The Masters  
The Powell & Pressburger Pages

Dedicated to the work of Michael Powell and Emeric Pressburger and all the other people, both actors and technicians who helped them make those wonderful films.

A lot of the documents have been sent to me or have come from other web sites. The name of the web site is given where known. If I have unintentionally included an image or document that is copyrighted or that I shouldn't have done then please email me and I'll remove it.

I make no money from this site, it's purely for the love of the films.

[Any comments are by me (Steve Crook) and other members of the email list]

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From: Roger Mellor

Steve Crook wrote:

> In fact at one of them someone asked the
> killer question "Why do the people here
> like Powell (& Pressburger) films?" so
> I thought I'd ask you lot. We went around
> the room all giving a varied but interesting
> set of answers.

Some related questions which it would be interested to have your responses, which Tracey and Alan have answered already:

When did you first hear of PnP?

Was it before you saw any of their films?

What was the first PnP film you saw?

My answers:
- around 1949, before I could walk or talk........
- Yes
- Black Narcisssus on monochrome television around 1964. Even without the colour, I never forgot Kathleen's lipstick scene....

A few more details from Roger ...

Well, I arrived in the world in the same year as TRS ........................ Like the vast majority of UK folk in the 1940s, my parents were regular cinemagoers, at least once a week [at this time, television was an expensive, remote luxury for most people, and there were only a few thousand sets in the UK]. To avoid leaving baby Roger unattended [and the use of babysitters], my parents would go to see the week's film at the Regal individually - Mum on Mondays, Dad on Thursdays. Mum always used to tell Dad about the film (and the supporting feature), especially the storyline, so that dad could make up his mind whether the film was of interest to him or not. I must have heard hundreds of these narratives when aged between 0 and 4, but cannot recall hardly any of them. However, vivid accounts of TRS and BN* and the names Powell and Pressburger and The Archers did bury themselves in my subconscious mind .......... so that when I saw the trailer for PT in 1960, I knew that MP was a name to be reckoned with, even though I had never seen any of the films.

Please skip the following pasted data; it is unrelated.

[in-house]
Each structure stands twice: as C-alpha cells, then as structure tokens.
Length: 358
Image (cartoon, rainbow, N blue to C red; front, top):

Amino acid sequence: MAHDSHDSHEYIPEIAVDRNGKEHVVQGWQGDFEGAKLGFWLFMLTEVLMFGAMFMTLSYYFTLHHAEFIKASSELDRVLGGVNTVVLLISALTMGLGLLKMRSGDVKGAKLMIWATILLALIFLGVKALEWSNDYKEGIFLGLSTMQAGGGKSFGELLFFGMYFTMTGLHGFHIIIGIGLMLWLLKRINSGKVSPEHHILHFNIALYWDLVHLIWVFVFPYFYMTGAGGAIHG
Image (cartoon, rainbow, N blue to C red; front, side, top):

[*BN must have still been playing UK cinemas as a re-issue in 1949/1950 as the initial release was before 1948, but then films were kept in circulation much longer in those days, with vast numbers of 2nd/3rd/4th run cinemas, independent of the major circuits].

As these films made a deep impression on my mother, I suppose the names registered with me ... and it is not surprising that I responded to them as well, being in the genes, so to speak ....

[I don't recall my dad mentioning these film at all: Ealing and B/W 1940s "realism" was more to my dad's taste...]

Michael Powell and Emeric Pressburger were largely passed over by the British establishment during their lifetimes...Surely, they should have been "Sir Michael Powell" and "Lord Pressburger" ?

One can speculate as to why they did not receive these honours, and why David Lean and Carol Reed did receive such high honours ... But then there has always been an anti-PnP faction within the British upper class establishment, who find David Lean ''safer'' (confirming their own values) and less awkward (and less of an artist ....) Powell and Pressburger in their greatest movies have a passion/vision in the 19th century Romantic tradition (which could never be said of David Lean), and the British establishment have never felt comfortable with this. Admittedly, David Lean's films are beautiful to look at in a technical sense, but are, to my mind, rational and rather lacking in passion, values which are held in high esteem by the British ruling class.

Incidentally, the British Film Institute's Top 100 British Films is quite revealing in this respect.. David Lean has 4 films in the top 20, Michael Powell has only two, in 9th and 20th positions.

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